Worcester Retains Red Doors For Summer Programs

SNOW HILL — Worcester County has renewed its contract with Red Doors Community Center for the STEP UP and Reach for the Stars programs.

Owing to the success of last year’s programs, which were the first done without federal help, the County Commission also agreed to a five-year pilot program, though nothing that far in the future could be set in stone.

While Worcester has had STEP UP and Reach for the Stars for years, federal funding was lost in 2013, jeopardizing the future of the programs. But last year the county decided to take on funding for the projects to keep them running, contracting with Red Doors for the educational camp and internships.

“I personally was thrilled with the opportunities that these young people received from the businesses in our county,” said Commissioner Judy Boggs. “And now it’s ours because we got the rug pulled out from under us by NASA and by the sequestration.”

Reach for the Stars offered a Science, Technology, Engineering and Math (STEM) camp while STEP UP featured internship placement with county businesses in a number of fields including media production, environmental science, physical therapy and Internet security. The first year for both programs under Worcester’s domain was encouragingly successful, according to Bill Badger, director of Economic Development.

“The result was a program that remained true to the integrity and academic rigor of the Wallops program,” he wrote in a memo to the commission, “and one that was a major success with area employers.”

Those employers included Habitat for Humanity of Worcester County.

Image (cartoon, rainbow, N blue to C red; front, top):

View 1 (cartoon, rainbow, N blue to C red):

“It provided our affiliate with the ability to engage the youth populations, which resulted in active participation from this demographic, which hadn’t been possible for quite some time,” wrote Andrea Bowland, Habitat executive director. “The program also enabled us to explore and put ideas into initiatives that would otherwise been very far down the pipeline. There was no shortage of things for the interns to do.”

Israel Engle, from SVP Operations, Bel-Art, had a pair of interns through STEP UP.

“Our two interns, Hunter and Paige, were excellent interns,” said Engle. “Both were bright students who demonstrated a desire to learn and be a part of Bel-Art.”

The Reach for the Stars camp was likewise endorsed by participants and parents. Tammie Mathias, the parent of a student that took part in the summer program, called it “excellent from beginning to end” and was glad that the older teens who had found internships through STEP UP visited with the younger students in the STEM camp to share their experiences.

That initial success prompted the commission to renew Red Doors for at least another year with the $77,000 cost already included in the county’s FY14 budget. But Badger is also hopeful that the county will engage in a five-year pilot program with Red Doors.

“We know that the commissioners can’t guarantee anything five years in the future but we felt strongly because of the success last year that we’d like to seek a five-year pilot program to continue this program based on the success we had in year one,” Badger said.

Though the commission is guaranteed to see at least three new faces after the next election and therefore can’t promise to commit to a program for five years, the current board members were enthusiastic about Reach for the Stars and STEP UP and did tentatively agree to a pilot program as well as guaranteeing at least one more year in 2014.

In the next year, the number of internship placements will increase from 14 to 20 while in years ahead Red Doors hopes to see “flow from camp to internships” and the eventual professional employment of former interns by county employers.